The city of Sebastopol, together with the Redwood Empire Chapter of the American Institute of Architects and a group of local business sponsors, is hosting The Core Project, an international design competition to generate innovative ideas for renewing the city center. The goal of The Core Project is to explore how the physical presence of Sebastopol can become a more economically thriving and aesthetically vibrant place. Entries should emphasize the following elements: traffic, commerce, and strengthening the connection between built and natural landscapes. International entrants including student and professional architects, landscape architects, developers, engineers, urban planners, transportation planners, and artists are invited to participate. Multidisciplinary and collaborative design teams are strongly encouraged. The competition is juried and cash prizes will be awarded. The registration period is through Oct. 17. The submission deadline is Oct. 24 at 5 p.m. Winners will be announced Nov. 6. Visit www.the-core-project.org for details.Education
Empire College announced that the American Association for Paralegal Education has accepted Empire's paralegal program as a chapter of the national Lambda Epsilon Chi Honor Society. Lambda Epsilon Chi is the national honor society founded by the American Association for Paralegal Education. There are approximately 133 chapters throughout the United States with over 2,000 inductees who have been honored for their outstanding academic achievements.Senior Living
Seniors, Inc. announced that it received a donation of $100,000 from Sonoma County businessman and philanthropist Henry Trione. The donation will help the nonprofit complete a new senior wing at the Finley Community Center. It will be completed by fall 2012. Phase three of construction is $2.2 million. Seniors Inc. has been raising funds for the project since 2003. Total cost of the project is about $7 million.Wine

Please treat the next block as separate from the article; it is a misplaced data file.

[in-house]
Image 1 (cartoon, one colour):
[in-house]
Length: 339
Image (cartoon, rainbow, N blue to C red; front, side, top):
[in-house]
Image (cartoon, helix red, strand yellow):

Benovia Winery recently installed solar panels that will produce most of the electricity the winery needs, according to Mike Sullivan, co-owner, general manager and winemaker. Benovia, a Russian River Valley vintner of pinot noir, chardonnay and zinfandel wines, chose Real Goods Solar to install 171 photovoltaic modules on the roof of its winery, Mr. Sullivan said. The system will produce more than 60,000 kilowatt hours of electricity annually, reducing the winery's PG&E bill by at least 92 percent.The installation will reduce its CO2 emissions by some 1180 tons over 25 years -- the environmental equivalent of more than 20 acres of planted trees. Also factoring into Benovia's decision were financial incentives available from the federal government and state of California, Mr. Sullivan said, noting Benovia's new investment in renewable energy will pay for itself in a little more than nine years.